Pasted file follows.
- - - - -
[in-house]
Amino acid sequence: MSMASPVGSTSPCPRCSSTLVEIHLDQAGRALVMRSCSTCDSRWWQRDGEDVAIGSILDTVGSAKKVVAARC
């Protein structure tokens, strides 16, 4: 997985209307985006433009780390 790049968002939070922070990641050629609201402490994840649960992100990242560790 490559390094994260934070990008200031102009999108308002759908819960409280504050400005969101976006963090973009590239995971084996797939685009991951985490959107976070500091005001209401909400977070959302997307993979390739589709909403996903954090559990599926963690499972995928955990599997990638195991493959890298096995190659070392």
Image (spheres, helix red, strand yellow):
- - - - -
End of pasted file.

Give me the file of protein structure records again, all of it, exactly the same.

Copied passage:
[in-house]
Amino acid sequence: MSMASPVGSTSPCPRCSSTLVEIHLDQAGRALVMRSCSTCDSRWWQRDGEDVAIGSILDTVGSAKKVVAARC
């Protein structure tokens, strides 16, 4: 997985209307985006433009780390 790049968002939070922070990641050629609201402490994840649960992100990242560790 490559390094994260934070990008200031102009999108308002759908819960409280504050400005969101976006963090973009590239995971084996797939685009991951985490959107976070500091005001209401909400977070959302997307993979390739589709909403996903954090559990599926963690499972995928955990599997990638195991493959890298096995190659070392």
Image (spheres, helix red, strand yellow):